As David Kalsbeek, senior vice president for Enrollment Management and Marketing, prepares to
, we took the opportunity to sit down with him and reflect on his 22 years at DePaul. In this Q&A, Kalsbeek discusses enrollment and marketing strategies, as well as his thoughts on how DePaul is positioned to navigate challenges.
DePaul’s Division of Enrollment Management and Marketing is widely regarded as an industry leader. What differentiates DePaul’s approach to enrollment development and marketing strategy?
It’s true that the professional community views DePaul’s EMM as a model of best practice, in large part because we have focused on three I’s that define our work: integration, innovation and information.
Perhaps the greatest reward has come from achieving a successful integration of functions, processes and strategies that have furthered DePaul’s goals. It’s more than centralization for the sake of efficiency. It’s aligning admissions, financial aid, student records and registration, university marketing, research, and career services to work together toward mutual outcomes via complementary strategies. Structure follows strategy, and I have had the good fortune to work at a university that both values and executes an integrated approach toward the critical mission and business goals that guide our enrollment and marketing strategies.
The integration of effort is necessary, but not sufficient. I’m proud of the innovation we’ve continuously introduced to DePaul’s enrollment strategy. Examples include initiatives like the early adoption of test-optional admissions, the award-winning EDGE program of freshman internships, the Corporate and Employer Outreach program, the introduction of integrated systems from Slate to Handshake to Bluestar, and our development of an integrated brand strategy. Every part of our enrollment and marketing efforts has benefited from innovative approaches.
Looking back over 22 years, I think my greatest particular contribution has been a relentless emphasis on building research-driven strategies grounded in evidence and empirical analysis; in short, a focus on information. As a result, EMM demonstrates the hallmarks of a learning organization, one focused on always working smarter in sustaining DePaul’s competitive advantage. On top of that, we’ve worked deliberately to bring to the entire DePaul community a greater understanding of our market position; our distinct brand; the potential of data-driven digital marketing; and the art and science of leveraging financial aid to achieve enrollment, academic quality, diversity and net revenue goals. We’ve created a more self-regarding institution, which is the foundation of sustainable success.
What are some of the enrollment successes you’ve achieved over the years? What are some of the future challenges?
When I arrived in 1997, the overarching priority was to increase full-time undergraduate enrollment, primarily by doubling the freshman class—and we have done exactly that. We were also tasked with increasing socio-economic and racial/ethnic diversity, elevating the academic profile, and broadening our geographic reach—while increasing net tuition revenue. We have done that as well. We also set out to increase the four-year graduation rate—and have made amazing gains. The challenge in pursuing these objectives simultaneously is it requires balancing inherent tensions and tradeoffs that exist between them.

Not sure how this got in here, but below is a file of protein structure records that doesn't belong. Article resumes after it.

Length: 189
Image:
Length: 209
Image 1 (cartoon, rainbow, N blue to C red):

Challenges, though, will never relent. While achieving record diversity, we still have disparities in student success with underrepresented groups. While emphasizing full-time student enrollment, we’ve lost market share in part-time, adult and transfer enrollment, primarily to online and lower-cost competitors. While we’ve maintained our market position in most graduate programs, erosion in demand in many areas has resulted in enrollment declines that outpace our ability to reduce cost structures. And while our financial aid investments and strategies have increased access and opportunity for a record number of lower-income students, we are realizing less net tuition revenue as a result of pursuing these goals. DePaul is not alone balancing tradeoffs though we’ve weathered the challenges better than many institutions. But the future forecasts are daunting.
Institutions of higher education, especially in Illinois, are facing significant enrollment obstacles, particularly demographics. How is DePaul positioned to navigate these headwinds successfully?
The demographic challenges are minor compared to the many so-called “megatrends” that are disrupting traditional models of higher education and threatening our academic and financial viability. That said, I believe the best strategic response is what it has always been: attend first and foremost to improving the demonstrable value of a DePaul education all students receive for their investment, creating excitement about learning in each and every course, and putting the primacy of student outcomes before all else. DePaul’s future is bright if the entire community can rally around these ideas.
You’ve served 22 years in this senior-level role. How is the university positioned to manage this change?
Over my years, DePaul has had three presidents, eight provosts, 38 different deans and 32 different vice presidents—and one chief enrollment officer. Though that’s a lot of change, it’s clear that DePaul weathers such change well. My two decades of continuous leadership in EMM has helped sustain momentum in realizing strong enrollment outcomes but the achievements belong to a tremendous team of creative and accomplished enrollment and marketing professionals. I’m confident the integrated, innovative and informed foundation we’ve built provides a platform for DePaul’s future success.